Questions about the promises and dangers of technology have recently dominated headlines—but less often covered are the stories of practitioners and start-ups leveraging their know-how to build peace. On May 31, the Justice Sector Training, Research and Coordination Program and the U.S. Institute of Peace hosted a symposium to tackle the difficult questions of how technology can be used to strengthen rule of law, security, community engagement, and relationships between states and the people they serve in developing and conflict-affected areas.

This included a series of expert panels on technology and rule of law, and an exciting networking session with local entrepreneurs that are driving technology forward to meet peacebuilders' needs. Review the conversation on Twitter with #RuleofLawTech.

Welcoming Remarks

Nancy Lindborg
President, United States Institute of Peace

Harry Bader
Acting Executive Director, U.S. Global Development Lab, U.S. Agency for International Development

Hamid Khan
Deputy Director, Rule of Law Collaborative, University of South Carolina

Session One: Innovations in Law Enforcement: Digital Investigative Analysis & Forensic Science: Advances and Setbacks

Lindsay Freeman, Moderator
Human Rights Center Research Fellow, School of Law, University of California, Berkeley

Mark D. Mogle
Deputy Assistant Director for Forensics, International Criminal Investigative Training Assistance Program, U.S. Department of Justice

Mark Grantz
Assistant to the Special Agent in Charge, Washington Field Office, U.S. Secret Service

Joe Varani
Digital Investigative Analyst, Cybercrime Lab, U.S. Department of Justice

Exhibitors

Keynote Address

Luis C. deBaca
Former Ambassador-at-Large to Monitor and Combat Trafficking in Persons and Former Director Office of Sex Offender Sentencing, Monitoring, Apprehending, Registering, and Tracking (SMART) U.S. Department of Justice

Session Two: Innovations in Engagement: From Mobile Apps to Social Media

Rohini SrihariModerator
Chief Data Scientist, PeaceTech Lab

Jeffrey Aresty
President, InternetBar.org

Karen Naimer
Director, Program on Sexual Violence in Conflict Zones, Physicians for Human Rights

Antoine Heuty
Founder and CEO, Ulula LLC

Zaid Zaid
Public Policy, Strategic Response, Facebook, Inc.

Session Three: Innovations in E-Governance: From Case Management to Consensus Building

Andrew SolomonModerator
Senior Rule of Law Advisor, U.S. Agency for International Development

Jeff Apperson
Vice President, National Center for State Courts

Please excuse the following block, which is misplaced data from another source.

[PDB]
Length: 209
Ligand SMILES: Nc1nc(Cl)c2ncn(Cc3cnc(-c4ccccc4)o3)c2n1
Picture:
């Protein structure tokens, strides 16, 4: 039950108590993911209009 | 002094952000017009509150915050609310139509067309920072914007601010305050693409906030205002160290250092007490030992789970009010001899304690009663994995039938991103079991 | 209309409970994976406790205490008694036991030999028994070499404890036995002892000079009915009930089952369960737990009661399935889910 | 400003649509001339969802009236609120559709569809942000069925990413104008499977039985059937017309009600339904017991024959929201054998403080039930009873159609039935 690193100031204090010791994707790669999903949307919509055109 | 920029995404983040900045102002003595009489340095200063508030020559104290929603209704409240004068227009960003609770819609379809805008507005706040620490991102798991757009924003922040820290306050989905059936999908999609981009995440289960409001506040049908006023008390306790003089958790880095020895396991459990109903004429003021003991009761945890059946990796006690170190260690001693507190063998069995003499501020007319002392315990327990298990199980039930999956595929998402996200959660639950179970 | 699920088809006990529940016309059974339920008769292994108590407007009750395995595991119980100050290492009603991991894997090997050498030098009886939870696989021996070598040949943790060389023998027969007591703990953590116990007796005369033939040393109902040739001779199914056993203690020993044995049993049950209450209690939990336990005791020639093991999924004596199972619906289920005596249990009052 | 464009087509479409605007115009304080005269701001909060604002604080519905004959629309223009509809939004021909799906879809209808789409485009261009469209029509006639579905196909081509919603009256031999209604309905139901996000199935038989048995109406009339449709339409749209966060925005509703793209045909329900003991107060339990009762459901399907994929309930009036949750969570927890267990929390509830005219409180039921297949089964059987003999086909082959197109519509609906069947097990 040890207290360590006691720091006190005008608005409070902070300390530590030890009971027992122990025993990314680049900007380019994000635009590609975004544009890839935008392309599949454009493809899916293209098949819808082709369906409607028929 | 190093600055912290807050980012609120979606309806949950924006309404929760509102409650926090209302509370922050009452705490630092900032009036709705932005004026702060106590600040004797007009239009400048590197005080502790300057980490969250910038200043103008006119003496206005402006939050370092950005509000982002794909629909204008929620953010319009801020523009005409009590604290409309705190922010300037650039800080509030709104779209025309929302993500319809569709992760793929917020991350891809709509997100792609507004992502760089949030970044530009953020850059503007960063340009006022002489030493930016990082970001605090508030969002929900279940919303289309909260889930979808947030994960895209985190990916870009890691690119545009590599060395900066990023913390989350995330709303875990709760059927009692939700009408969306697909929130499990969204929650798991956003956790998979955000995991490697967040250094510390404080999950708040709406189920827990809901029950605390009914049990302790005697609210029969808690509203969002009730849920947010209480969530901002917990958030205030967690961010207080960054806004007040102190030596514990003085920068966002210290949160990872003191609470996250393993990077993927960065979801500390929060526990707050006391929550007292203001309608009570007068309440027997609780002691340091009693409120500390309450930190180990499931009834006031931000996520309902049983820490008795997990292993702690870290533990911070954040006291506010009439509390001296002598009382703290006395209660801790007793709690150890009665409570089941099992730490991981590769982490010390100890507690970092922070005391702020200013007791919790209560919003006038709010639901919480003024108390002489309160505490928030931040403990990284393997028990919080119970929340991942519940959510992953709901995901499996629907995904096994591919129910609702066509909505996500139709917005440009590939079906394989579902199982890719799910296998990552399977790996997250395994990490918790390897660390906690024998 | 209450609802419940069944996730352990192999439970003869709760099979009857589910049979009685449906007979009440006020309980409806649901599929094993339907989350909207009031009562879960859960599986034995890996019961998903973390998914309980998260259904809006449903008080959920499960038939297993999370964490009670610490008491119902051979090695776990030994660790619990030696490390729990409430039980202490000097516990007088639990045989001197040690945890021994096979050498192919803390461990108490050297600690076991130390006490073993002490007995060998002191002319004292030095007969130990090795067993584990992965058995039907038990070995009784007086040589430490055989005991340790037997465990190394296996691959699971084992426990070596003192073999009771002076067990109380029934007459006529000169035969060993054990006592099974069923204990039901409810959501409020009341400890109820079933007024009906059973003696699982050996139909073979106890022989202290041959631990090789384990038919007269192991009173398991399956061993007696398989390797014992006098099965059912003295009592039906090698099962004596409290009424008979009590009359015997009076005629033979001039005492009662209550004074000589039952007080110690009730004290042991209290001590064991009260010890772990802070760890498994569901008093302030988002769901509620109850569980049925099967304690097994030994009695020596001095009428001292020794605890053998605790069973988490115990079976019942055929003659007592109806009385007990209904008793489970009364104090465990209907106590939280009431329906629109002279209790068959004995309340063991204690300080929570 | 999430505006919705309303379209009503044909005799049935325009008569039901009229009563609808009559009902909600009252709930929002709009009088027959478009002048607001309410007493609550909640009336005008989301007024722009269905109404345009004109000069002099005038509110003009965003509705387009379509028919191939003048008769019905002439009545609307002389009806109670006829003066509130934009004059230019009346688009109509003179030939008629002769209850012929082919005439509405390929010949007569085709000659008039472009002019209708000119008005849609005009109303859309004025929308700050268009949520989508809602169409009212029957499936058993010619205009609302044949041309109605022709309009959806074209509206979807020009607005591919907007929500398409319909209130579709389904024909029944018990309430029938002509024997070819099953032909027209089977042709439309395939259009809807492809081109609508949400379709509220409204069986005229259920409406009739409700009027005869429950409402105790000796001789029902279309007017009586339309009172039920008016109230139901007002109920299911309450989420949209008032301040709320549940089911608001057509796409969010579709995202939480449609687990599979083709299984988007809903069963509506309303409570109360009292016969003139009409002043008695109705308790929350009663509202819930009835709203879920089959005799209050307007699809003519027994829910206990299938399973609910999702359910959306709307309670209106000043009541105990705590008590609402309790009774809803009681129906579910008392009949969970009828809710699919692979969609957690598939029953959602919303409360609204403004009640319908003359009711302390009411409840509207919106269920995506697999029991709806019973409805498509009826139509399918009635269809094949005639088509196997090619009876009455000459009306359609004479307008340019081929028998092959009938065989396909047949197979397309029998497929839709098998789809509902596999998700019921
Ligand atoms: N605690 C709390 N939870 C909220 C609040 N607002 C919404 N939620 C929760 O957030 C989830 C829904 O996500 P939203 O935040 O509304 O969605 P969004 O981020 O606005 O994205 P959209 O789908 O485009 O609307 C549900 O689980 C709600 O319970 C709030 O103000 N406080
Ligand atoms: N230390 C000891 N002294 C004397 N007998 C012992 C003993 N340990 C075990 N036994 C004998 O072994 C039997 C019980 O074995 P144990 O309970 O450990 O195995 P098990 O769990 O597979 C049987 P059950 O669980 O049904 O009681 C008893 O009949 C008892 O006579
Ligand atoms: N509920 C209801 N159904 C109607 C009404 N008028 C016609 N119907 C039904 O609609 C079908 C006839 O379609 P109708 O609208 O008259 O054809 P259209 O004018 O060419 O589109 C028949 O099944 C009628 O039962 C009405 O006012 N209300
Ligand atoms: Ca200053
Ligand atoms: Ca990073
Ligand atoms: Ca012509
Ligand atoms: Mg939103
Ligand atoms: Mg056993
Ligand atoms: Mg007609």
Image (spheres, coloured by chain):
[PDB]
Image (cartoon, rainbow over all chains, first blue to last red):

Julia Glidden
General Manager, IBM Global Business Services - Global Government Industry

Nino Vardosanidze
Senior Legislative and Oversight Manager, Good Governance Initiative, Tetra Tech ARD (Republic of Georgia)

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In Niger, Foreign Security Interests Undermine Stability—What Can Be Done?

Wednesday, November 4, 2020

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Over the past decade, the United States, France, and the European Union (EU) have drastically increased security assistance to countries in the Sahel region. They have done so to address two perceived transnational threats—violent extremism and mass migration to Europe—but have often neglected Sahel countries’ own interests and long-term stability. Nowhere is this more apparent than in Niger, the world’s poorest country. Although in 2018 the country received $1.2 billion in external aid—representing 13 percent of its GDP—it has not made the country safer for Nigeriens. If long-term peace and stability is the end goal of foreign security assistance, donor countries need to center Nigeriens’ priorities in their aid.

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As Afghan peace talks in Doha move forward, a vital component to the success of any peace deal will be how Afghanistan’s security sector can reform to sustain peace after more than 40 years of violence, and how the international community can best assist. This effort would benefit from recalling the lessons of another time when there was need for a comprehensive reconsideration of Afghanistan’s security sector: the two years immediately following the 2001 overthrow of the Taliban regime. Despite the many important changes, the Afghan National Defense and Security Forces (ANDSF) have undergone and a dramatically different context, key lessons from 2002-03 remain relevant to guide thinking ahead of and after a peace agreement.

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Five Things to Know About Mali’s Coup

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On August 18, rising tensions to boiled over into a mutiny, leading to the resignation of President Ibrahim Boubacar Keita. This dramatic chain of events followed three months of protests, calling for Keita’s resignation. As the country grapples with an intractable insurgency and eight years of instability, anger over the government’s failure to resolve conflict, respect democratic norms, and provide basic services pushed citizens and the military to their boiling point. What comes next in Mali over the coming months could have significant implications for the country’s democracy and on the stability of the Sahel.

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